Eur ’19 | Vanning in Belgium

Our first trip in the van to Belgium was most definitely a success and we will be heading back, even just as a beautiful stop off on the way to farther destinations. Belgium was actually our first experience of vanning outside of the UK and we didn’t know how locals elsewhere were going to react to it – there is no denying that campers divide opinion! But, all in all we had an awesome time, and there was no shortage of beautiful ‘out of the way’ spots to park up for the night and enjoy rural Belgium.

We spent most of our days exploring the towns and cities, driving away from the built up areas to camp, this worked perfectly for us and meant we enjoyed a real good mix of what the country had to offer without parking up in built up, residential areas. If there is one thing we do not want to be, is the people who are happy camping on someone’s doorstep!

Vanning in Belgium for us was all about canals, countryside and castle ruins.

In West Belgium we spent most of our time driving big straight roads running alongside a canal. I especially loved the roads which ran down the middle of two perfectly parallel canals. We found tiny tracks which lead us away from the main roads, along the waterways. We stumbled across gaps in trees the perfect size for our van. We felt out of the way and barely saw a soul, not to mention awesome peaceful mornings surrounded by avenues of trees and twinkling water!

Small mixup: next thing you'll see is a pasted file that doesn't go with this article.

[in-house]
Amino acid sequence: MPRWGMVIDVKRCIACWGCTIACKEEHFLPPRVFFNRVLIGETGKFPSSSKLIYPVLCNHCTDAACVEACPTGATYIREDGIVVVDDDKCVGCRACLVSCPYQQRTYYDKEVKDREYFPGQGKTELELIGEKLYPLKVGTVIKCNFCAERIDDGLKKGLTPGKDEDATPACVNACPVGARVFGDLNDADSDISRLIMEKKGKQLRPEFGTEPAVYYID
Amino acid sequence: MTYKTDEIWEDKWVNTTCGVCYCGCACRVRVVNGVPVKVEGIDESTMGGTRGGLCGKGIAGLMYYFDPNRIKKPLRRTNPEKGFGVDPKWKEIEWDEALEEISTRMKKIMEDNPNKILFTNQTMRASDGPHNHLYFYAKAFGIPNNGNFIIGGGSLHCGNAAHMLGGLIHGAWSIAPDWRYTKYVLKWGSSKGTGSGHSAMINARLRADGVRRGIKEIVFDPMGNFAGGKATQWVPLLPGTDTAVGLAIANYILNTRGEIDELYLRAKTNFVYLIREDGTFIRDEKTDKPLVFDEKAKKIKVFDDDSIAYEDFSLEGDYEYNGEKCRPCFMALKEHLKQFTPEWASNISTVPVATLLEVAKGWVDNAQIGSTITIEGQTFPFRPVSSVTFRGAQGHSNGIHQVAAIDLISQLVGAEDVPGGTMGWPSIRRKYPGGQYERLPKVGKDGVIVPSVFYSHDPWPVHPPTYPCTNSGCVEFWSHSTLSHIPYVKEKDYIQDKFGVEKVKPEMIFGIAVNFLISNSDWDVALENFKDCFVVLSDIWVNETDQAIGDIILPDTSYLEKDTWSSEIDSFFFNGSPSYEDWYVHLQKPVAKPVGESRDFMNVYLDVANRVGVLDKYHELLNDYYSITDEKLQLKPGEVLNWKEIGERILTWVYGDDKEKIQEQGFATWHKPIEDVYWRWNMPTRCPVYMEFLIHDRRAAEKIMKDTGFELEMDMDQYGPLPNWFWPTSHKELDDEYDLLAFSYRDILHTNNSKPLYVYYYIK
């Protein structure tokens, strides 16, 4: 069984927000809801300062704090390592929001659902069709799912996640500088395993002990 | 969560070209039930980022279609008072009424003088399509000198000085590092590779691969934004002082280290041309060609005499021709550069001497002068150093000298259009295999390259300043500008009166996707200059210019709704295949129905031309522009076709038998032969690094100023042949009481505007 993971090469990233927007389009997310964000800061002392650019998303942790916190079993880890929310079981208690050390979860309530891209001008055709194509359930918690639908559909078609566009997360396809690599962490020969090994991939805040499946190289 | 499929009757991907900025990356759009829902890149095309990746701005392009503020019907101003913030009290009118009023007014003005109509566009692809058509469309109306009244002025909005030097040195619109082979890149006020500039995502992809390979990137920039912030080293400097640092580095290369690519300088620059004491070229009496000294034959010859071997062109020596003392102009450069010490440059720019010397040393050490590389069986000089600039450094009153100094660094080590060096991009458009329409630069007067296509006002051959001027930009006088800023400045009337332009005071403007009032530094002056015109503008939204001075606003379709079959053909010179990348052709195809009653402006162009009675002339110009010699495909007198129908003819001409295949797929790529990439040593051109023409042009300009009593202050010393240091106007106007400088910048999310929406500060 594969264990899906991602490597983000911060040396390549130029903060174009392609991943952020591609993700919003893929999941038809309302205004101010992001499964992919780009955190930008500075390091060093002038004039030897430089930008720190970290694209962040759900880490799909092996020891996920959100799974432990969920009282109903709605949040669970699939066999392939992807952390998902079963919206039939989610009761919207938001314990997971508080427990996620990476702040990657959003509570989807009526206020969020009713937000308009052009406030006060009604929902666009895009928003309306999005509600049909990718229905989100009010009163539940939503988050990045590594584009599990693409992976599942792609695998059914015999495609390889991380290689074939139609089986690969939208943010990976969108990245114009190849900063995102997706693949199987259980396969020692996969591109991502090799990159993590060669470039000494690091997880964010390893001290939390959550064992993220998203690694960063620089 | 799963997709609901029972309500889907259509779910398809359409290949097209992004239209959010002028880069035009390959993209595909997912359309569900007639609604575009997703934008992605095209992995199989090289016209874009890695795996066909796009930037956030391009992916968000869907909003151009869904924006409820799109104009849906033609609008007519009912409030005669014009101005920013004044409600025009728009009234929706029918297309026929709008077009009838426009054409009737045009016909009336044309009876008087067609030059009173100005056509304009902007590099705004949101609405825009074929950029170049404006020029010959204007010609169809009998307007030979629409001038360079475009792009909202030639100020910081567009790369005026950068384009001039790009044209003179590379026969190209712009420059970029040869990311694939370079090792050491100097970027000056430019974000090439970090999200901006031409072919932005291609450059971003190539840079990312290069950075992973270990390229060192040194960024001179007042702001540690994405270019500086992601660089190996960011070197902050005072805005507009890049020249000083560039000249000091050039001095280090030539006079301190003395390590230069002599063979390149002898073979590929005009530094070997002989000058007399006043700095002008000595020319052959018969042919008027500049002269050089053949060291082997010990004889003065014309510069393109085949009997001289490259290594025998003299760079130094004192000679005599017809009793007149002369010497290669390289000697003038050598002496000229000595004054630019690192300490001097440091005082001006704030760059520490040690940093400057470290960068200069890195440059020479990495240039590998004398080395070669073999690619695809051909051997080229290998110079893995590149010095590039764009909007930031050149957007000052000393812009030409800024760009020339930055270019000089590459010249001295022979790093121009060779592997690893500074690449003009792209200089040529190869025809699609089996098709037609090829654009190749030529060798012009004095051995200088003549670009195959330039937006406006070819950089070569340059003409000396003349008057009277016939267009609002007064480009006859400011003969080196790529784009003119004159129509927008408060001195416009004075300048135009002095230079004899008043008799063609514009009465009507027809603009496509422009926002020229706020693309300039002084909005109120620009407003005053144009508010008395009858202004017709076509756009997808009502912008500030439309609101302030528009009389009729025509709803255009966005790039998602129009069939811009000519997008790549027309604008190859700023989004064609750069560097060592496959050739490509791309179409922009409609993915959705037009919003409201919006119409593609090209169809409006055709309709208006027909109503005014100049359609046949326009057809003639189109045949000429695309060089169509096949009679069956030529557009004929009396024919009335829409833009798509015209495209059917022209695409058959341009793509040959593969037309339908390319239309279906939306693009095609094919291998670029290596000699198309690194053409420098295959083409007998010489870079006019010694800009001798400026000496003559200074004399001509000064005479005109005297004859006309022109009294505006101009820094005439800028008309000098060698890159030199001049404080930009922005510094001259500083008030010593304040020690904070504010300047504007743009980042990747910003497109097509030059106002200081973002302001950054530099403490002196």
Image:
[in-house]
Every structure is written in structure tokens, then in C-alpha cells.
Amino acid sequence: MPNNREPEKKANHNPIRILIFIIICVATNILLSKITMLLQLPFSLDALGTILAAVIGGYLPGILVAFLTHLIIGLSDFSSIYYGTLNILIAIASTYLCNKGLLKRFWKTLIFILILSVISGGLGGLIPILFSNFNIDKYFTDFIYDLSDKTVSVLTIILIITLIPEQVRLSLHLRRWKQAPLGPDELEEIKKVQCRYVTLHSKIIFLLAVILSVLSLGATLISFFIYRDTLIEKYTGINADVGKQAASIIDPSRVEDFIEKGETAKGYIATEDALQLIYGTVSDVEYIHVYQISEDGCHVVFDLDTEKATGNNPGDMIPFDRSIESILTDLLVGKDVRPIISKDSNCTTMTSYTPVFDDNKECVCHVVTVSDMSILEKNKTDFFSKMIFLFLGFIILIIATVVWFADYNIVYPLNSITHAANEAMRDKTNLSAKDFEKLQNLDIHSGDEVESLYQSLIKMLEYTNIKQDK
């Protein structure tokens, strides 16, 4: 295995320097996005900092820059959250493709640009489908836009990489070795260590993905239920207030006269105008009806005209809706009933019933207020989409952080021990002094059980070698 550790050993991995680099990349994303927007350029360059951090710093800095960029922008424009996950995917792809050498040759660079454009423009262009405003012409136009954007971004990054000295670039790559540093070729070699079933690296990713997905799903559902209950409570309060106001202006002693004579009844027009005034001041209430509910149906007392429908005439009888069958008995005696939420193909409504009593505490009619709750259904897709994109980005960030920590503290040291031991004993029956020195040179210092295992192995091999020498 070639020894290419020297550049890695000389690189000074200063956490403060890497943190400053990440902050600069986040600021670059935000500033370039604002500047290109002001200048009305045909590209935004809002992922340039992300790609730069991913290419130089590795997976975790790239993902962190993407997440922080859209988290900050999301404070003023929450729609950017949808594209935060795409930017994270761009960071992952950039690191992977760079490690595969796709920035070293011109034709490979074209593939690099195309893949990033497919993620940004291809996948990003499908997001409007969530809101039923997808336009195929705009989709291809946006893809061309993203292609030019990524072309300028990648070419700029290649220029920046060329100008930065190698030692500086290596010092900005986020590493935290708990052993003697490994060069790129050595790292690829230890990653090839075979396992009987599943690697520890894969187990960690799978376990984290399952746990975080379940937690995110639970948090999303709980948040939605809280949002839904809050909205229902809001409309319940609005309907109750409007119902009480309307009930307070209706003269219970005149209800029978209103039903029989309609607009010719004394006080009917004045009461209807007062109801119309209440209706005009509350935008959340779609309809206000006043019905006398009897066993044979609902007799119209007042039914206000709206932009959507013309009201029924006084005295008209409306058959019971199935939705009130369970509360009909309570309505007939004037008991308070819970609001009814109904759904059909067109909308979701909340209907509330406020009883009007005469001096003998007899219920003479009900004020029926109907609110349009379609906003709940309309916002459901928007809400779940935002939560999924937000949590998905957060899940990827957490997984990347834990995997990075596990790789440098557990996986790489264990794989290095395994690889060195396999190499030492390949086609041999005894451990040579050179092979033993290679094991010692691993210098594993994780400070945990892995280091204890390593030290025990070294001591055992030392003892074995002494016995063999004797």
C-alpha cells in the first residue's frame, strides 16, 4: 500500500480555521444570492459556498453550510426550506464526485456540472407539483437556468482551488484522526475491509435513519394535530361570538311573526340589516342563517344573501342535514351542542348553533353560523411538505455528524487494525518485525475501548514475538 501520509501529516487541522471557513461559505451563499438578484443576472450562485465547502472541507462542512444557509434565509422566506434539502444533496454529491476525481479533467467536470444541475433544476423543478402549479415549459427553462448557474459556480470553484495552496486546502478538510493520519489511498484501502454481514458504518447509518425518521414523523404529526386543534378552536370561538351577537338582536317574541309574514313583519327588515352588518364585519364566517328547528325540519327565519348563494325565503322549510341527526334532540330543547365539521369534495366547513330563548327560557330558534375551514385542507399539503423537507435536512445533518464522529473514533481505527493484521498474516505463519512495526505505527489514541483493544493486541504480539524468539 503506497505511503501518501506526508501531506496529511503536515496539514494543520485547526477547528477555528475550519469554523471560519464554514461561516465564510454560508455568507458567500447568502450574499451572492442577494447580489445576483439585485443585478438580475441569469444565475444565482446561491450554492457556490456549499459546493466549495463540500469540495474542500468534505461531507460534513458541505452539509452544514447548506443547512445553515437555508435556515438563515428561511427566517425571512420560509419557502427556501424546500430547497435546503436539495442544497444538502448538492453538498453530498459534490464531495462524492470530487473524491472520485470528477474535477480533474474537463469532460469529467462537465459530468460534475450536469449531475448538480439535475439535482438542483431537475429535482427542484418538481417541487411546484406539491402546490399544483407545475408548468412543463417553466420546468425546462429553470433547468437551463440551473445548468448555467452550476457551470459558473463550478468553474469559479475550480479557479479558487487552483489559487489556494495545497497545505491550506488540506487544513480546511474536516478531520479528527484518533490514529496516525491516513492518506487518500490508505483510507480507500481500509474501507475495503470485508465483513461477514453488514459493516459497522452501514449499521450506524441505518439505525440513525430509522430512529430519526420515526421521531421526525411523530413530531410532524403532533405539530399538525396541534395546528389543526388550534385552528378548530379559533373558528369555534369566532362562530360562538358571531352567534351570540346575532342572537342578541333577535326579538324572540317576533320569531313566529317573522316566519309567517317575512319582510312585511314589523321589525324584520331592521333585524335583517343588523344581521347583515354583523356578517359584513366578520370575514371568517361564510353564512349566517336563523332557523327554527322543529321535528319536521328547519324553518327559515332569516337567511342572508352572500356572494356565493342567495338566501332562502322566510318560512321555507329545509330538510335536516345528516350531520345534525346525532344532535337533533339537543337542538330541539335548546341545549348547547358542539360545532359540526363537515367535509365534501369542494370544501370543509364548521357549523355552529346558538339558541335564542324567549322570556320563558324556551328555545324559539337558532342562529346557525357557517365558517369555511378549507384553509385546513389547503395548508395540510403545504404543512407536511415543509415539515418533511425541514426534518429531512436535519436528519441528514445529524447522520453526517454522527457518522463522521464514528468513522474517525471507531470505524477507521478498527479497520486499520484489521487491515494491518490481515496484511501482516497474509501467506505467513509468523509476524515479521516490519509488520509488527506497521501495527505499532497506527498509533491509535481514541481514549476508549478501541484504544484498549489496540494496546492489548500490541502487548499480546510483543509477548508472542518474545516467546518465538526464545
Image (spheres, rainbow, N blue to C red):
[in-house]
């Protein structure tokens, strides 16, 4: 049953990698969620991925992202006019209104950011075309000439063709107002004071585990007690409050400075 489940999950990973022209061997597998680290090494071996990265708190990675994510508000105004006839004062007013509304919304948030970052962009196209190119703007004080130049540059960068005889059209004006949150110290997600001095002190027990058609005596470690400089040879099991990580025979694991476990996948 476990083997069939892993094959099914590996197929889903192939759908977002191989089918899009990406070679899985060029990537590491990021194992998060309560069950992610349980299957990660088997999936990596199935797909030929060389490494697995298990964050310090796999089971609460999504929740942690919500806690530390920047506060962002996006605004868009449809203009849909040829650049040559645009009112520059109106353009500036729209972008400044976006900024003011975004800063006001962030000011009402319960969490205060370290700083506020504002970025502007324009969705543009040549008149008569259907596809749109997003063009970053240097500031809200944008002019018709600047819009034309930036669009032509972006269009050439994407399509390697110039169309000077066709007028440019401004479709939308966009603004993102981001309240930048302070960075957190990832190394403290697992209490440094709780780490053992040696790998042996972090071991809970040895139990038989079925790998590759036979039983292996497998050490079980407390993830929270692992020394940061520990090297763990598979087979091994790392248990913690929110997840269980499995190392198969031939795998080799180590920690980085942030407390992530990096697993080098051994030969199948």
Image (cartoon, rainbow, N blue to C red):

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Our journey took us through South Belgium, the central part of the southern belt offered up camping spots alongside more canals. These seemed less man-made, slightly more natural – wider bodies of water with more wildlife. We got to enjoy cuckoos in the evenings, herons fishing in the shallows and small flighty birds swooping and chirruping around us. We got to enjoy a  long sunny evening spent relaxing and a morning watching the giant (absolutely bloody huge!) carpe flitting and splashing between the reeds.

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We also got to enjoy some areas of mature oaks, their crooked limbs reaching almost to the ground. The long grass beneath shivered in the breeze and ox-eye daisies and a sprinkling of other small flowers offered a subtle splash of colour to the carpet of green. And, if beautiful trees and wildflowers weren’t enough a heard of friendly cows made our acquaintance in the morning!

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Heading further west and into the Ardennes the scenery changed somewhat, those flat plains turned into rolling hills and diverse woodland. Here we found small parking areas at the end of tiny bumpy tracks. These are never my favourite spots but actually, due to their secluded nature when we were there, they were pretty good! Big stones to cook breakfast on and grassy areas to enjoy the evenings sat out in the fading sunshine, watching the transition from birds to bats, and the stars slowly brightening against an ever darkening sky.

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We even got a spot with a castle ruin just a 5 minute walk away – being able to explore a piece of history whilst also enjoying beautiful river views during the golden hour is awesome.

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